Films, like artists or authors, tend to have their critical reputations wax and wane through a few cycles until a consensus is finally reached. Of course, consensus has little to do with real world excellence or failure. As good an example of this trend as can be shown certainly is John Ford’s famed 1956 John Wayne western, The Searchers. Upon its initial release, the film made a solid profit, and was considered a good film. By the late 1960s and early 1970s, however, film school graduates started championing both it and Ford as more than good, but great. By the 1980s, with the rise of PC, the film’s political content and its portrayal of Manifest Destiny came under attack as ‘racist,’ and the film was not held in as high regard for some years.
With the advent of DVD technology in the late 1990s, the film was re-released, and its current status as a ‘masterpiece’ has been little challenged since. Indeed, in watching the special features on the two disk Ultimate Collector’s Edition DVD of the film, one might believe that the film is Shakespearean. Assorted talking heads and film buffs gush over the film, even people like director Martin Scorsese. Another great director, Akira Kurosawa, is cited as declaring he learned film technique from watching John Ford westerns.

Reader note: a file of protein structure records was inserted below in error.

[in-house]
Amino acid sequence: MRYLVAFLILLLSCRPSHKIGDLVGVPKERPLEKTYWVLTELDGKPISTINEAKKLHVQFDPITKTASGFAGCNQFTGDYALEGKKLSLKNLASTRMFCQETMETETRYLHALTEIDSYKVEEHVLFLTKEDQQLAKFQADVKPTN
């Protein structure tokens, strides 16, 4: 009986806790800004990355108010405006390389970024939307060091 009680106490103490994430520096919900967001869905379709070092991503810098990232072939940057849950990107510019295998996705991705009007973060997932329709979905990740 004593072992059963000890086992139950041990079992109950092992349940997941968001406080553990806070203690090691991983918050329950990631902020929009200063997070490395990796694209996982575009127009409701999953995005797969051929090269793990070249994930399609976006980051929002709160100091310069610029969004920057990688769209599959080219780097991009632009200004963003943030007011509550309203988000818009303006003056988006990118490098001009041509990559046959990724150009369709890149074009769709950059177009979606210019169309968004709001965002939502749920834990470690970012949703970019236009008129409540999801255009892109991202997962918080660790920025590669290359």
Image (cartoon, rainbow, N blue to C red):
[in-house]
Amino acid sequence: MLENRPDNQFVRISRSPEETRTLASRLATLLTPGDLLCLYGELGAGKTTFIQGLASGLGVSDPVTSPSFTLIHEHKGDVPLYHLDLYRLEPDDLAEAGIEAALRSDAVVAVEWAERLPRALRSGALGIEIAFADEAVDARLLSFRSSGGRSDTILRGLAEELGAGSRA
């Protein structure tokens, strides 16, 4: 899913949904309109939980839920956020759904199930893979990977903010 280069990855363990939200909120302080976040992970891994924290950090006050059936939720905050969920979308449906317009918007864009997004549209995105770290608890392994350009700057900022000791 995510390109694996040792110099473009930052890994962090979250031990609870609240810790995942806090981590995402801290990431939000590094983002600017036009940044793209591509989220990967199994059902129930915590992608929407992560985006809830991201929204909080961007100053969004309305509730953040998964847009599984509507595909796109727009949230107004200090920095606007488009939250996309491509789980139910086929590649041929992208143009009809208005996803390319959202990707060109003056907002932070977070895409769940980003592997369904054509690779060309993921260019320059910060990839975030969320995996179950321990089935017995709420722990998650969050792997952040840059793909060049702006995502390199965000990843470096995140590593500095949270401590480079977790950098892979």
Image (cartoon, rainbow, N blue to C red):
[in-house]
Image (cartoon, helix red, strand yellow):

Of course, I do not doubt all of these people’s love for the film, but love (or like/hate) is a wholly different paradigm from artistic excellence. And while there is no doubt that, technically, John Ford was a superb craftsman - in the framing of shots, in the use of silences that he carried over from his silent film days, in the judicious use of close-ups, and the brilliant use of color in this VistaVision film - it is nowhere near a great work of art.
Technique and technical excellence do not equate with greatness. Were that true a poet with a merely flawless ear, like Walter de la Mare, would be ranked along with the Whitmans and Baudelaires. No, there needs to be characterization and great acting. This is where screenwriting and casting come in. The film’s actual screenplay is simplistic, larded with stereotypes, and the acting, save for a few scenes where Jeffrey Hunter (as mixed breed Martin Pawley) shines, is self-conscious, poseur, and given that the film is as triumphalist as can be, it makes such preening seem hedonistic.
Naturally, the worst sinner on this accord is John Wayne, as the film’s putative hero/anti-hero, Ethan Edwards. There is no doubt Wayne had a great onscreen presence, both physically and in his idiosyncratic emoting and speaking styles. But while watching the film, and seeing him strut and spit out trite lines while dick-waving through every second he’s on camera, I fully understand why someone like my dad - a left of center trade unionist - found both the man and the characters he played (which were really minor variations on his own faux persona, admixed with testosterone) to be symbols of everything that’s wrong with America, past and present.